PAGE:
Acoustic or Digital Piano?

posted in: Pianos & Keyboards 0

What should you take into consideration when you are thinking about buying a piano?

Many generations of piano students spent countless hours in front of a genuine (and heavy) wood and metal acoustic piano. These days, players young and old, novice and experienced, are choosing to invest in a digital piano. But what is the difference? We’re here to help!

Acoustic pianos can sound great, but they can also sound no so great. It all depends on the original quality of the design, materials, and workmanship, as well as on how well the piano has been maintained. In any case, if you play an acoustic piano and you like the sound and feel and look, and you don’t mind the downsides (more on those in a moment), then by all means go for it! An acoustic piano can be a very nice looking and great sounding addition to any home. However, there are some downsides to investing in an acoustic piano. For starters, the sound that you get is the only sound that you will get. Also, you will need to budget for periodic maintenance, like tuning. Furthermore, you’ll need to think carefully about where you want to put it, because acoustic pianos are heavy and not easily moved.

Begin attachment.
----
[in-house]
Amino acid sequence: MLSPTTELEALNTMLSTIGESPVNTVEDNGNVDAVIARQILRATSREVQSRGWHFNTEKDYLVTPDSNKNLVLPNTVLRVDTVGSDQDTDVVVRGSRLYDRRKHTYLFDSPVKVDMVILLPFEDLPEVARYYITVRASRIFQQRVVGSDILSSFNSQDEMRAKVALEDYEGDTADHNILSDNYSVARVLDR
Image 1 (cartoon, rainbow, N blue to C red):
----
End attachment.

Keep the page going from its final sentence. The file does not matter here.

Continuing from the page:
What makes a digital piano an increasingly attractive alternative to an acoustic piano? Oh, let us count the ways! For starters, not only do digital pianos play and sound like acoustic pianos (because they have weighted, lever action keys just like acoustic pianos), they are typically programmed with a variety of piano and other sounds. For example, the popular Casio Privia PX-160 (selling at The Magic Flute for $399) has 18 Built-in sounds: Grand Piano (Concert, Modern, Classic, Mellow, Bright), Electric Piano 1, Electric Piano 2, FM Electric Piano, 60’s Electric Piano, Harpsichord, Vibraphone, Strings 1, Strings 2, Pipe Organ, Jazz Organ, Electric Organ 1, Electric Organ 2, and Bass. Also, digital pianos require virtually no maintenance, and they weigh very little as compared to an acoustic piano (the Casio PX-160 weighs 26lbs, whereas a typical upright piano weighs 300-500lbs! You can also practice a digital piano at any time of the day without disturbing anybody by plugging in headphones.